from The American Heritage® Dictionary of the English Language, 4th Edition

  • adj. Of, relating to, or caused by engagement in a particular occupation: occupational hazards.

from Wiktionary, Creative Commons Attribution/Share-Alike License

  • adj. Of, relating to, or caused by an occupation

from the GNU version of the Collaborative International Dictionary of English

  • adj. Of or pertaining to an occupation{3} or occupations{3}; caused by or incidental to an occupation{3}.

from The Century Dictionary and Cyclopedia

  • Of or pertaining to a particular occupation, calling, or trade: as, tables of occupational mortality.

from WordNet 3.0 Copyright 2006 by Princeton University. All rights reserved.

  • adj. of or relating to the activity or business for which you are trained


Sorry, no etymologies found.


  • And their medical records show that doctors at Fort Bliss sent some of them to what they call occupational and speech therapies.

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  • There is also less participation in occupational pension plans, anything not a CPP, by private sector employees.

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  • • Jobs for the Future will advance a supportive state policy framework to increase adult completion rates in occupational-technical credential programs in community colleges in three states.

    Jamie Merisotis: Adult Degree Completion Commitment

  • The occupational categories do not capture important subtle distinctions within occupational groups and, in any case, despite considerable offshoring to date, there doesn't seem to be an impact on the growth of these occupations in the US.

    Offshorable Jobs, Arnold Kling | EconLog | Library of Economics and Liberty

  • Like every other intervention from these people it usually gets around to my health and someone says ‘who ate all the pies’ to me in occupational health speak, I think you have earned a rest mate, you sound a bit frayed around the edges, a week at hq should do it. on January 14, 2007 at 8: 08 am | Reply Totally un-Pc sir,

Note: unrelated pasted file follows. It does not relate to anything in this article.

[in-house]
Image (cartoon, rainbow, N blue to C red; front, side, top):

You Ain’t No Picasso « POLICE INSPECTOR BLOG

  • He continues this sort of citation even when quoting from the 1891 census, a census that went out of its way to display the range of social subgroups within occupational labels.

    Colonial Lists/Indian Power: Identity Politics in Nineteenth Century Telugu-Speaking India

  • Trivalent chromium, the form found in the diet, has very low toxicity and a great margin of safety, but hexavalent chromium is toxic, and long-term occupational exposure can lead to skin problems, perforated nasal septum, and lung cancer.

    The Best Alternative Medicine

  • Teachers make up about 16 percent of the 37 million people in the United States who are dubbed "occupational voice users," which includes air traffic controllers, emergency dispatchers and telephone customer service representatives, said Eric J. Hunter, deputy executive director of the National Center for Voice and Speech. Top headlines

  • To help close a $160 million budget gap last year, Mayor John Hickenlooper's administration required businesses to pay a $50 registration fee every two years for what is formally called the occupational privilege tax.

    Denver Post: News: Breaking: Local

  • Yes, it's true that high, long-term occupational exposure to asbestos, particularly among smokers, increased the risk of mesothelioma and asbestosis, but those risks must be laid against the fire-resistance and protection benefits of asbestos.

    The Washington Times stories: Latest Headlines


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